Fidelity and Vanguard, monsters in the world of mutual funds, are busy creating new products catering to the vast number of baby-boomers approaching retirement. These products are designed to compete with annuities, insurance products with guaranteed income, but are investments products so they offer no guarantees. Like target retirement funds, the asset allocation of these funds of funds changes over time, but they are managed more actively.
Fidelity’s strategy is to create “Income Replacement Funds.” While target retirement funds are organized by the projected retirement date, the Income Replacement Funds are designed to liquidate in a particular year. There will be a fund for every other year between 2016 and 2042. Between the times of investment and liquidation, the fund will provide a monthly cash payment based on investment gains and possibly a portion of the principal.
On the other hand, Vanguard will be offering three different portfolios: Growth Focus, Distribution, and Growth and Distribution (a combination). The purpose of the Growth Focus portfolio is to maintain your principal while investing aggressively. The Distribution portfolio is designed to maximize your monthly payments while preserving the principal as much as possible. The Growth and Distribution portfolio falls somewhere in the middle of the other two.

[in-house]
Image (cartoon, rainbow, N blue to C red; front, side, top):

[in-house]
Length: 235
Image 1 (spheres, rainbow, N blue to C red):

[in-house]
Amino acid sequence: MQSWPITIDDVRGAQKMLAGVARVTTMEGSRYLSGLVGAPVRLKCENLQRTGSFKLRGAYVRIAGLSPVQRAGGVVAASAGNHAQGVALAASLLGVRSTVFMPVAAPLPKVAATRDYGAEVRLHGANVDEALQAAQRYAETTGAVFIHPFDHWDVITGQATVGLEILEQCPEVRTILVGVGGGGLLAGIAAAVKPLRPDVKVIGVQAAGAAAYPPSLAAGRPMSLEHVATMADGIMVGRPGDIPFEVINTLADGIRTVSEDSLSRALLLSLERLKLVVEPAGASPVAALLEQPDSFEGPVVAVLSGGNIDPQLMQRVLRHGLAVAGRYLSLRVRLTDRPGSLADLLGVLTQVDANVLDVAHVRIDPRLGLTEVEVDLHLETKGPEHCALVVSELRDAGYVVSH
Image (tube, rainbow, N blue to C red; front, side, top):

In this way, with no end date, the Vanguard funds will operate more like a university endowment.
…[U]nlike annuities, these funds let you keep your money. After the $25,000 initial investment, you can buy additional shares or sell them without penalty, a big advantage if you need to pay for an unexpected expense.
The $25,000 investment sounds steep, but these funds are for retirees who may be changing their perspective at retirement. They will have the funds from their 401(k) and IRAs which will be tapped to help pay for expenses once retirement is in full swing.
I have not yet seen any information about projected fees to cover the operation and management of these funds.
Turning savings into income, Eugenia Levenson, Fortune Magazine, June 18, 2008.
Updated June 22, 2016 and originally published June 19, 2008.